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    I think that you have something there Highchurchman, but then how do we inerpret the councils? The creeds are binding, but is that true of the epistles and canons? If so, then almost all historic western churches have broken at least one canon for hundreds of years. The nicean canon forbids kneeling on Sundays and during pentacost but the BCP instructs us to do so. What was the intent of the reformers with regard to submission to ecumenical councils and how far reaching was it? Was it simply with regard to statements of faith and Christology, or does it include as binding decisions about church polity and practice?
     
  11. Celtic1

    Celtic1 Well-Known Member

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    I understand what you're saying, but still the primacy of scripture is of the utmost importance.

    There was a time in the early church, because of political machinations, when Arianism was in the ascendancy as the "orthodox" view while Trinitarianism was counted heresy, with its primary defender, Athanasius, banished and in exile on five occasions. Had things developed differently, the Church might be reciting an Arian creed.

    That's why scripture must come before tradition, the fathers, councils, or creeds. Sure, you sometimes have the "messy" situation of different interpretations, but all those things I listed should be used as a corrective of interpretations and a confirmation of scriptural doctrine, not to establish doctrine. I like what Article VIII in the BCP says: "Of the Creeds.
    The Nicene Creed, and that which is commonly called the Apostles’ Creed, ought thoroughly to be received and believed: for they may be proved by most certain warrants of Holy Scripture."
     
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  12. Lowly Layman

    Lowly Layman Well-Known Member

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    I actually think you and Highchurchman are arguing the same point from different ends. Both of you agree that Holy Scripture is foremost and that, if I am inferring rightly, the creeds an councils are used to help one identify orthodox understandings of the faith contained in it. The members of the first council of Nice were emphatic that they were not adding to the received faith but were only cleansing it from all the strange doctrines that had crept in over the centuries of persecution and lack of clear authority. They also soughr to unify the church. In both, they used Holy Scripture as their primary source. Thus, no one here I think would argue that the councils added to the faith or gave the church new doctrine to follow, only delineated what interpretations were true and which were false.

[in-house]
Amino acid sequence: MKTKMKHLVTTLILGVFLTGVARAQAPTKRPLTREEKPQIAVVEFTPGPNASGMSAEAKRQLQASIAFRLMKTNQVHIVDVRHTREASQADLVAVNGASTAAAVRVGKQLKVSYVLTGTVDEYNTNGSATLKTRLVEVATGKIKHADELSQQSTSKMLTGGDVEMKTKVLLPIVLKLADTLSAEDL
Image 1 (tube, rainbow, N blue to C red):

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  13. highchurchman

    highchurchman Well-Known Member Anglican

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    We are talking about the theological(?) canons not the disciplinary ones.The first four are Christological, the next two explanatory and the last is about manners! Forget about the bits. The early bishops simply interpret the teachings of Christ! Christianity, Catholic Christianity, that is .